The Filtering tool offers a variety of smoothing filters with configurable input parameters and can be applied to any of the loaded images.
The Filtering tool can be accessed via the tool pull-down menu on VivoQuant’s front panel.
Using the Tool
Upon selecting the tool, the Filtering operator window is displayed.
Using this tool, any loaded data can be selected for smoothing via the Data Selector Widget.
Select the desired smoothing algorithm from the available options in the Smoothing drop-down menu. Use the parameter fields to set appropriate values. The effect of the chosen smoothing filter will be previewed in 2D in the slice views. To remove the 2D preview, go back to None in the drop-down menu of smoothing filters.
Currently available filters include:
- Gaussian Smoothing
- Curvature Flow
- Gradient Anisotropic Diffusion
- Curvature Anisotropic Diffusion
- Positivity Smoothing (to remove negativity from FBP reconstructions)
- Zero Crossing Edge Detection
- Bilateral Smoothing
- Bias Field Correction
Each filter uses a different subset of the configurable parameters. See the table below if parameters other than the default settings are desired.
|Full-width half-maximum kernel size
|Gauss, Zero Crossing Edge Detection
|Parameter governing sensitivity to edge contrast
|Gradient Anisotropic Diffusion, Curvature Anisotropic Diffusion
|Number of iterations
|Curvature Flow, Gradient Anisotropic Diffusion, Curvature Anisotropic Diffusion, Positivity Smoothing
|If the fraction of voxels that are negative falls below this value, further iterations of the filter will not be performed.
|Stepsize, effectively analogous to kernel width
|Curvature Flow, Gradient Anisotropic Diffusion, Curvature Anisotropic Diffusion
|Difference between the area under the discrete Gaussian curve and the area under the continuous Gaussian
|Zero Crossing Edge Detection
|The standard deviation of the gaussian blurring kernel in the image range. Units are intensity.
|The standard deviation of the gaussian blurring kernel in each dimensional direction. Units match image spacing units.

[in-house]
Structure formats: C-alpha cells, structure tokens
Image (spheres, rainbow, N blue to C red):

The smoothing function is executed by left-clicking on OK. Depending on the image size and filter selected, this may take several seconds. Once the smoothing function is applied, any subsequent operations will be based on the smoothed images.
Each filter will have different edge-preserving and noise-reduction properties. Choose the one that best suits your application.
|Gradient Anisotropic Diffusion
|Curvature Anisotropic Diffusion
The bilateral smoothing filter could take several minutes for large images in 3D, especially for greater values of domain sigma. Check the Force 2D option to speed up this filter.
|No Filtering Applied
|Various Bilateral Smoothing Parameters
The positivity smoothing filter will also typically take longer to run than the other smoothing filters, up to several minutes for larger images. This filter was specially designed to redistribute the activity across neighboring voxels such that the total sum of the image is preserved but the number of voxels with negative values is reduced. It is intended to be used to correct images reconstructed with FBP.
Bias Field Correction
Intensity gradient artifacts in magnetic resonance imaging can often cause difficulties with automated segmentation and analysis tools that rely on intensity contrasts, not to mention the detriment to qualitative appearance. The Bias Field Correction filter implements the N3 bias correction algorithm (Tustison 2010) to estimate the gradient field present in the image and uses this filter to normalize each voxel of the image. Due to the higher performance cost, a preview of its filtering is not available but the filtering can be applied via the filtering operator. The user may optionally adjust the field smoothness to avoid or allow high spatial frequency corrections and also append the estimated bias field as an image to the data manager.